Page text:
# Strictly Monotone Surjective Function

I'm trying to show there does not exist a strictly increasing function: $f: \mathbb{Q} \rightarrow \mathbb{R}$ that is surjective.
I started by assuming that such a function exists. Then, this implies the function is continuous because it is strictly monotone with an interval as its image. Now, I think I should somehow use that to contradict that there are enough values in $\mathbb{R}$ for each value in $\mathbb{Q}$, but I'm stuck. Hints?

• $\Bbb Q$ is countable, $\Bbb R$ is not? – David Mitra Mar 2 '14 at 20:43
• What do you understand "continuous" to mean when $\mathbb Q$ is involved? Topology with the rationals is weird. – Ben Millwood Mar 2 '14 at 20:43
• I'm in a intro to real analysis class, so I'm only allowed to use basic definitions of continuity. I cannot use the cardinality of $\mathbb{Q}$ or $\mathbb{R}$ – Paul Malinowski Mar 2 '14 at 20:45
• Note that the strictly increasing condition implies that the function is also injective – Mark Bennet Mar 2 '14 at 20:45
• For the sake of the problem, is there a way to do it only using the sequential or episolon-delta definition of continuity? – Paul Malinowski Mar 2 '14 at 20:47

The proof that follows avoids using the fact that the cardinality of $\mathbb R$ is larger than the one of $\mathbb Q$.
Let $x_0\in \mathbb R\smallsetminus\mathbb Q$. Then as $f$ is (strictly) increasing, then the limit $$a=\lim_{x\to x_0^-}f(x),$$ exists and it is a real number. In fact for every $x,y\in\mathbb Q$, with $x<x_0<y$, $$f(x)<a<f(y),$$ as $f$ is strictly increasing.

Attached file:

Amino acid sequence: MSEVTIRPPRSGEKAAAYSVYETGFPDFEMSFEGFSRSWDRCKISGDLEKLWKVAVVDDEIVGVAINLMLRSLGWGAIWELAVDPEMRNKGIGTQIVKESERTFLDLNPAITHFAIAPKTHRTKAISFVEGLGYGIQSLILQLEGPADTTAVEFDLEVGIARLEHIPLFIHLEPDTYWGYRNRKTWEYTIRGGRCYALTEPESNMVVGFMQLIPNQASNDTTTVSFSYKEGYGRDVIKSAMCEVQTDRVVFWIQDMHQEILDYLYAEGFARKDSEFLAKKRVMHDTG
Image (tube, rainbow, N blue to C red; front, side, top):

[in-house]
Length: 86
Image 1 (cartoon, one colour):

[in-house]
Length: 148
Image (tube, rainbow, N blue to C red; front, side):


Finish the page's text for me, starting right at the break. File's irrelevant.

This means that $a\not\in\mathrm{Ran}(f)$, and hence $f$ is not surjective.
Note. Let me explain better why for every $x,y\in\mathbb Q$, with $x<x_0<y$, we have that $f(x)<a<f(y)$. As $x<x_0<y$, there are $x_1,y_1\in\mathbb Q$, such that $x<x_1<x_0<y_1<y$, and since $f$ is strictly increasing, we have that $$f(x)<f(x_1)\le \lim_{z\to x_0^-}f(z)\le f(y_1)<f(y).$$
• The step where you note that $x_0 > x \in \mathbb Q$ implies $a > f(x)$ might need some unpacking, since it relies on some non-trivial properties of $\mathbb Q$ (specifically, that it is densely ordered); in particular, it would not hold if we replaced $\mathbb Q$ with $\mathbb Z$ (although the conclusion would obviously still be true). – Ilmari Karonen Mar 2 '14 at 21:44
Let $p$ be an irrational number. Show that the supremum of $f(x)$ for $x \in \mathbb Q$ with $x < p$ and the infimum of $f(x)$ for $x \in \mathbb Q$ with $x > p$ are be equal. If this is $y$, then there is no rational $x$ with $f(x) = y$.